Aksinya grinned, “He came to dinner on Saturday.”
Fraulein Trauen dropped her fork, “At Grossbock?”
“Yes, at Grossbock.”
Fraulein Vogt asked, “Did you invite him?”
Aksinya sat up straight, “No, he invited himself through the Freiherr and Freifrau, but he informed me first of his intentions.”
Fraulein Pfaff clapped her hands together, “That is soooo suave. He is obviously a well bred gentleman.”
The elder sister at the table snapped her fingers at Fraulein Pfaff’s clap and loud response.
Fraulein Pfaff put her hands at her side and lowered her voice, “Sorry sister.”
Fraulein Vogt spoke excitedly, “Still that is very polished of him. I am more and more impressed by this gentleman. Has he asked you to accompany him again, Countess?”
“He has invited me to the opera and dinner on Wednesday.”
Fraulein Trauen grinned over her glass, “That’s Christmas Eve. I hope you don’t intend to drink as much that other evening.”
Aksinya’s lips turned up in a grin, “I intend to drink and eat as much as I like. I shall not drink so much I will miss any of Ernst’s advances.”
“Ernst?” Fraulein Trauen dropped her knife.
“Yes, he asked me to call him by his given name.”
Fraulein Trauen’s eyes widened, “And you do?”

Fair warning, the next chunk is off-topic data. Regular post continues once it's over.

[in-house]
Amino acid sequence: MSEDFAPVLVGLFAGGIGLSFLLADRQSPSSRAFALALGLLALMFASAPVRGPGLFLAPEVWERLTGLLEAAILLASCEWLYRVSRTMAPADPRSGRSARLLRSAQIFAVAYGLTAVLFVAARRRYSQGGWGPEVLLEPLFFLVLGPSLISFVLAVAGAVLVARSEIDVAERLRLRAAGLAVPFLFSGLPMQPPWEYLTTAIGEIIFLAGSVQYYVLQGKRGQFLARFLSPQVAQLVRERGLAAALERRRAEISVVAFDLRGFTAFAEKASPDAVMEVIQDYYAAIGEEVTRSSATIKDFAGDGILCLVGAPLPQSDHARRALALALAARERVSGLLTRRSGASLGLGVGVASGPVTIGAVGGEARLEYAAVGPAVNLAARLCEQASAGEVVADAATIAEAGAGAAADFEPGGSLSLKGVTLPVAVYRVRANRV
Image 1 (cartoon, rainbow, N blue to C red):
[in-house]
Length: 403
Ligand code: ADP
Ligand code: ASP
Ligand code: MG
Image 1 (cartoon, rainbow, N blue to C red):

“Of course I do. Why should I not?”
Fraulein Trauen was breathless, “What does he call you?”
Aksinya put her chin on the back of her hand and batted her eyes at Fraulein Trauen, “He calls me, Countess, of course.”The tension and release in this scene revolves around two ideas that are outdated for today. I think the scene conveys them well enough for the modern reader to get them. The first is a gentleman visiting a woman at her home. This denotes a very close relationship and especially the interest of the man in the woman. An honorable woman never would visit a man in his home--at least without his family present and her chaperon. The other is the use of the personal (first) name. This is also an idea that is not present in the modern Western world much. The idea that only those who are very close (or servants) can address another by their first names. Aksinya tells the girls that she addresses Ernst by his first name. This shows that he has entrusted her as a close friend. Aksinya's response indicates that she still views him as a servant and potential suitor and no closer.
My notes: once you have a theme, you need to begin to visualize your plot, focus your theme, and define your characters. More tomorrow. I'll move on to basic writing exercises and creativity in the near future.
The following is a question asked by one of my readers. I'm going to address this over time: I am awaiting for you to write a detailed installment on identifying, and targeting your audience, or audiences...ie, multi-layered story, for various audiences...like CS Lewis did. JustTake care, and keep up the writing; I am enjoying it, and learning a lot.
I'll repeat my published novel websites so you can see more examples: http://www.ldalford.com/, and the individual novel websites: http://www.aegyptnovel.com/, http://www.centurionnovel.com, www.thesecondmission.com/, http://www.theendofhonor.com/, thefoxshonor, http://www.aseasonofhonor.